The Trump Files: The Easiest 13 Cents He Ever Made

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In its short-lived existence, Spy magazine had a lot of fun with Donald Trump. The New York-based monthly is best known for making fun of the size of Trump’s fingers, but its deepest cut may have come as part of a 1990 prank.

Spy correspondent Julius Lowenthal wanted to know just how cheap some of the city’s richest figures were. So he set up a company, called the National Refund Clearinghouse, and sent letters with checks for $1.11 enclosed, “for services that you were overcharged for.” The letters went out to 58 “well-known, well-heeled Americans,” 26 of whom promptly cashed them. Curious as to how low they might go, Lowenthal sent those 26 “nabobs” a second refund check, for $0.64. This time, 13 people cashed them.

Finally, he sent those 13 respondents a check for $0.13. This time, only two people cashed the check. One was an arms dealer. The other was Donald Trump, whom the magazine identified as a “demibillionaire casino operator and adulturer.”

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THE BIG PICTURE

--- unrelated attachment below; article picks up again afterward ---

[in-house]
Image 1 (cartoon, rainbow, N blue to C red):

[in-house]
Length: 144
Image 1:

You expect the big picture, and it's our job at Mother Jones to give it to you. And right now, so many of the troubles we face are the making not of a virus, but of the quest for profit, political or economic (and not just from the man in the White House who could have offered leadership and comfort but instead gave us bleach).

In "News Is Just Like Waste Management," we unpack what the coronavirus crisis has meant for journalism, including Mother Jones’, and how we can rise to the challenge. If you're able to, this is a critical moment to support our nonprofit journalism with a donation: We've scoured our budget and made the cuts we can without impairing our mission, and we hope to raise $400,000 from our community of online readers to help keep our big reporting projects going because this extraordinary pandemic-plus-election year is no time to pull back.

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